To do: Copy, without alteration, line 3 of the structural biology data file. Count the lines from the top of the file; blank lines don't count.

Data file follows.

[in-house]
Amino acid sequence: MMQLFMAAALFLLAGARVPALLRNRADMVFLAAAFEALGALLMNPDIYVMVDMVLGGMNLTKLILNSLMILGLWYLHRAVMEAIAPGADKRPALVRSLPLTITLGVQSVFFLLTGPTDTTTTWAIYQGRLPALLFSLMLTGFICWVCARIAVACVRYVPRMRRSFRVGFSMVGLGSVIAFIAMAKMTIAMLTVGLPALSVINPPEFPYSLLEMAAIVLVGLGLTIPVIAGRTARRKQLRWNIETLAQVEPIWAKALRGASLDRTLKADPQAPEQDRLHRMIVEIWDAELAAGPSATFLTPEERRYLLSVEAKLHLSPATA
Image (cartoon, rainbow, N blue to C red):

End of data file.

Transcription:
Image (cartoon, rainbow, N blue to C red):